Preview: Twins vs. Athletics

MINNEAPOLIS — Oakland Athletics right-hander Trevor Cahill is as flummoxed as anyone by his extreme home/road splits this season.

The veteran right-hander has a sparkling 0.87 ERA in eight starts at the Oakland Alameda Coliseum in 2018 but owns a 6.62 mark in seven road outings this season.

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“I think it’s just baseball,” Cahill said.

Athletics manager Bob Melvin doesn’t have an answer, either.

“I haven’t seen any difference as far as his stuff goes,” Melvin said.

Whatever the reason for the glaring discrepancy, the A’s will be counting on Cahill (5-2, 3.12 ERA) to buck the trend Thursday night when they open a four-game series against the Minnesota Twins at Target Field in Minneapolis.

Cahill is 1-1 with a 4.30 ERA in six career appearances, including four starts, against Minnesota. He has not faced the Twins this year, though.

Oakland fell one game back of the Houston Astros in the American League West race Wednesday with a 4-2 loss against the Texas Rangers. The Athletics had won two straight and four of their last five before Wednesday’s setback and have compiled a 13-5 record in August.

“We’ve been playing great and bringing the same attitude every day,” Melvin said of his team, which entered Wednesday’s game with a .264 collective batting average and a 2.64 ERA in the first 17 games this month.

That level of play, as well as the A’s attitude, have propelled them into the AL playoff picture. Though they’re right behind front-running Houston in the West, they will hold a comfortable 4 1/2-game lead over Seattle for the second AL wild card when they take the field against the Twins, whose postseason dreams were dashed weeks ago.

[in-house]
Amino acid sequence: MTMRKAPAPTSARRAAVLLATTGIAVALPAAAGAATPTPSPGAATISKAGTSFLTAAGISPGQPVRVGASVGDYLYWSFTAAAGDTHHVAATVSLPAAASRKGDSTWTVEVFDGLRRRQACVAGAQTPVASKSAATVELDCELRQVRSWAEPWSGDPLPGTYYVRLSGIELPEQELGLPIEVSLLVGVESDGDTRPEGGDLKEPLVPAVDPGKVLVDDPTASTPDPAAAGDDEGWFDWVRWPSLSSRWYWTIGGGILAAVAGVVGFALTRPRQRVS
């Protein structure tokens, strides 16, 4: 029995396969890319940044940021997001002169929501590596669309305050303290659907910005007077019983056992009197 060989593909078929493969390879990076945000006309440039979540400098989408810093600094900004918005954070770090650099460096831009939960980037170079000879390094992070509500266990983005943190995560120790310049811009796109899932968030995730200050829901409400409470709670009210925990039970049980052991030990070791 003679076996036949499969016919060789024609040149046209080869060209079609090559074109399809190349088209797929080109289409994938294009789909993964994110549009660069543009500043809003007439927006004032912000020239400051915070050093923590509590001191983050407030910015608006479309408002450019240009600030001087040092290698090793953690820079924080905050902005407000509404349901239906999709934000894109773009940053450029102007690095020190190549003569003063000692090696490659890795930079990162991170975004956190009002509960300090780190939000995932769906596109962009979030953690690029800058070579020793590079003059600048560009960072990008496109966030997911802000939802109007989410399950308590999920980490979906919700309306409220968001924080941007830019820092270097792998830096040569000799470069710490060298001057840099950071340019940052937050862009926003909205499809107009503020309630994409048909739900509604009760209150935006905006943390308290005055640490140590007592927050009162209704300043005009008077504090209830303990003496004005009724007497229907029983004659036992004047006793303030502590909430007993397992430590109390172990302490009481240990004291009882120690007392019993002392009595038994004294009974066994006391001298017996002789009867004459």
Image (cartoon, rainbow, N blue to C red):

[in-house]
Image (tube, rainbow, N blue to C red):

Minnesota is using these last few weeks to evaluate its young talent, including Thursday starter Kohl Stewart.

Stewart posted a 4.76 ERA with Double-A Chatanooga to start the season and earned his first big league call-up after going 0-3 with a 3.98 mark in seven appearances (five starts) for Triple-A Rochester.

He allowed three runs over 4 1/3 innings Aug. 12 in his major league debut at Detroit and allowed three more runs his next time out, but lasted just 2 2/3 innings in the latter game, a 7-5 loss to the Tigers on Saturday in Minneapolis. The 23-year-old only Stewart (0-1, 7.71) allowed three hits in that outing but walked four while throwing just 31 of his 65 pitches for strikes.

“You just can’t fall behind guys like that, can’t walk guys,” said Stewart. “I’ve got to give my team a better chance to win. It was not acceptable. I just wasn’t getting ahead, wasn’t executing pitches. I was one pitch away there in the third, and tried to do too much and got myself in trouble.”

Despite those struggles, manager Paul Molitor opted to leave Stewart in the rotation for another go-round after sitting down with him for a postgame chat.

“It’s a learning experience. I just talked to him about, it’s not so much executing (or) what you’re throwing, it’s, ‘What are you feeling?'” Molitor said. “You’ve got to really be able to seize the moment in terms of controlling your emotions, and do what you do. And it just seemed like it got a little fast.”